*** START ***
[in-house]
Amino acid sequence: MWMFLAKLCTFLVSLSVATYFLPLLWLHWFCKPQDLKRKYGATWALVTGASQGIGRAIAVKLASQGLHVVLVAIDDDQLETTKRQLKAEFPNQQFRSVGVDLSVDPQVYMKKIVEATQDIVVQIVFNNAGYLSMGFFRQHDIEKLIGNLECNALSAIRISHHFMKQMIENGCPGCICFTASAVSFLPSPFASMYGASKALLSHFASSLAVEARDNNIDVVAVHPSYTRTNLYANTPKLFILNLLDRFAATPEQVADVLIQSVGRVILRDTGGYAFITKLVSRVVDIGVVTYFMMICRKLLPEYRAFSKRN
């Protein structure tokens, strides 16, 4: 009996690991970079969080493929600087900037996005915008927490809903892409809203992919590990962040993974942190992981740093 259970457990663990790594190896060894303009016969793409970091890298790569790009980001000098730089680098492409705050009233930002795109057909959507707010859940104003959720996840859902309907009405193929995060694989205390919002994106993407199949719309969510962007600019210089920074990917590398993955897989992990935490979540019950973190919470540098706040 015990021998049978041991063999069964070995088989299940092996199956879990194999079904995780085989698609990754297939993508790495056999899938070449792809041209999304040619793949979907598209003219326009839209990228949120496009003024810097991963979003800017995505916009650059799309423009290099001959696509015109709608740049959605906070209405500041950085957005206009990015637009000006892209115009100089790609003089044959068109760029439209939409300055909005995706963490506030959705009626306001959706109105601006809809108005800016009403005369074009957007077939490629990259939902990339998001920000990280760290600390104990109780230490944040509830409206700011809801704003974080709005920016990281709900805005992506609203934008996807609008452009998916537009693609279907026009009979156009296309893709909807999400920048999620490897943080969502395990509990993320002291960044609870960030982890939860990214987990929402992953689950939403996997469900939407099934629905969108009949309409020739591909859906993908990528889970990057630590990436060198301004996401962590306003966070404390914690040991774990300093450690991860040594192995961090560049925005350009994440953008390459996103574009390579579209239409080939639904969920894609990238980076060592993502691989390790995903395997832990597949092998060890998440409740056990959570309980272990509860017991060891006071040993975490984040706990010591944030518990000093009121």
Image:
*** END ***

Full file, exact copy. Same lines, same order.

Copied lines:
[in-house]
Amino acid sequence: MWMFLAKLCTFLVSLSVATYFLPLLWLHWFCKPQDLKRKYGATWALVTGASQGIGRAIAVKLASQGLHVVLVAIDDDQLETTKRQLKAEFPNQQFRSVGVDLSVDPQVYMKKIVEATQDIVVQIVFNNAGYLSMGFFRQHDIEKLIGNLECNALSAIRISHHFMKQMIENGCPGCICFTASAVSFLPSPFASMYGASKALLSHFASSLAVEARDNNIDVVAVHPSYTRTNLYANTPKLFILNLLDRFAATPEQVADVLIQSVGRVILRDTGGYAFITKLVSRVVDIGVVTYFMMICRKLLPEYRAFSKRN
């Protein structure tokens, strides 16, 4: 009996690991970079969080493929600087900037996005915008927490809903892409809203992919590990962040993974942190992981740093 259970457990663990790594190896060894303009016969793409970091890298790569790009980001000098730089680098492409705050009233930002795109057909959507707010859940104003959720996840859902309907009405193929995060694989205390919002994106993407199949719309969510962007600019210089920074990917590398993955897989992990935490979540019950973190919470540098706040 015990021998049978041991063999069964070995088989299940092996199956879990194999079904995780085989698609990754297939993508790495056999899938070449792809041209999304040619793949979907598209003219326009839209990228949120496009003024810097991963979003800017995505916009650059799309423009290099001959696509015109709608740049959605906070209405500041950085957005206009990015637009000006892209115009100089790609003089044959068109760029439209939409300055909005995706963490506030959705009626306001959706109105601006809809108005800016009403005369074009957007077939490629990259939902990339998001920000990280760290600390104990109780230490944040509830409206700011809801704003974080709005920016990281709900805005992506609203934008996807609008452009998916537009693609279907026009009979156009296309893709909807999400920048999620490897943080969502395990509990993320002291960044609870960030982890939860990214987990929402992953689950939403996997469900939407099934629905969108009949309409020739591909859906993908990528889970990057630590990436060198301004996401962590306003966070404390914690040991774990300093450690991860040594192995961090560049925005350009994440953008390459996103574009390579579209239409080939639904969920894609990238980076060592993502691989390790995903395997832990597949092998060890998440409740056990959570309980272990509860017991060891006071040993975490984040706990010591944030518990000093009121």
Image: